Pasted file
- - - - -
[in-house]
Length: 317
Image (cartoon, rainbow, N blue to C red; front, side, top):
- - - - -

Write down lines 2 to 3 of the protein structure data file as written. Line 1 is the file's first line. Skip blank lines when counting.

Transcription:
Length: 317
Image (cartoon, rainbow, N blue to C red; front, side, top):